Japan Fans Stayed Late To Help Clean The World Cup Arena
Japan fans stayed late to help clean the World Cup arena. Because of their fine work, many people express their happiness after seeing numerous photos of them picking up trash while carrying a garbage bag. The Japanese football fans helped clean up after the first game of the 2022 FIFA World Cup on Monday when Qatar played Ecuador.
Bahraini, a YouTuber with the pseudonym Omar Al-Farooq, noticed the Japanese spectators' cooperative and caring characteristics. In his video, which he uploaded to Twitter and Instagram, he highlighted the inspirational moment.
In the video, which has been viewed over 2.5 million times on Twitter, Japanese supporters are shown clearing up trash left in the stands by World Cup fans at the Al Bayt Stadium in Al Khor, Qatar. He captioned the video, "Something you didn't see from the opening of the World Cup!" which accumulated nearly 9K retweets, more than 2K comments, and nearly 58K likes.
Watch this video as he interviewed some of the Japanese spectators:
Japanese fans stun Qatar crowd by cleaning up stadium after World Cup opening match
COPYRIGHT_HOOK: Published on https://thehooksite.com/japan-fans-stayed-late-to-help-clean-the-world-cup-arena/ by Kane Perkins on 2022-11-23T04:43:00.115Z
One viewer named Rannel Camilo commented: "This is a slap of respect to all the world.. Japan is so far in education and respect to the rest of the world!"
Another user shared: "It's true. In my country they did the same. They never leave the stadium or any place they visited without cleaning."
Lastly, another comment found: "I love Japanese people. all my Years of Living, I have yet to run into a disrespectful Japanese person."
Following the match between Qatar and Ecuador, the Japanese fans apparently decided to remain in their seats. After the crowd had left the stadium, the fans began going around and picking up litter on the floor and placing it in trash bags they had taken with them. "Why are you doing this?" Al-Farooq asks one of the fans.
"We are Japanese, and we do not leave rubbish behind us, and we respect the place," the woman responds. Another fan clarifies to YouTuber Al-Farooq that they chose to assist the staff in cleaning "not for the cameras."
Aside from typical trash, the Good Samaritans also collected crowd-left flags in the stadium. Many social media users praised the Japanese fans for cleaning the stadium despite the fact that their team was not playing that day. Here are some of the comments found in the Instagram post about the Japanese in the arena.
They have respect and install respect in their children. So as we see this year and in previous years, the Japanese people are above others in their actions.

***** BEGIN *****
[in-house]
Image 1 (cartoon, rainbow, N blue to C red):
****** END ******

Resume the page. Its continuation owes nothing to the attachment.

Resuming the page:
- One Instagram user commented
May we the Arab people learn this level of respect and start cleaning up behind us instead of waiting for a domestic cleaner to do the cleaning. Something I respect so much about Japanese people and their culture.
- Another Instagram user said
Visitors to Japan often notice how clean everything is despite the lack of trash cans and street sweepers. Many people from other countries are surprised when they go to Japan and see how clean the streets, train stations, and bathrooms are. Also, you can't see any trash, and there aren't many trash cans on the streets because people are told to take their trash home.
Moreover, the schools in Japan train them to be clean in their surroundings. So, the students clean their own classrooms, hallways, and other parts of the school.
Students from the Harvard Business School recently went to Japan to study how the Shinkansen staff cleans effectively.
In their study called "The 7-Minute Miracle," one person on the cleaning staff can pick up trash, wipe down all the tables and floors, turn around all 100 seats, and keep the trains clean and tidy in just 7 minutes.
Have you ever wondered why Japanese people are so meticulous about keeping things clean? The most likely answer to this question is that religion may have something to do with it. For example, they have to wash their hands before praying every time they go into a Shinto shrine.
Also, Buddhism teaches that cleanliness is important because it has a direct link to having a peaceful mind. So, it has become their habit to clean up after themselves and take care of their trash at home.
Japan has made headlines before for its commitment to environmental stewardship. Even though their team lost 3-2 to Belgium at the 2018 FIFA World Cup in Russia, Japanese fans were seen doing the same good things after their team's game against Colombia. The touching viral moment subsequently prompted football supporters in other countries to clean up after their teams' games.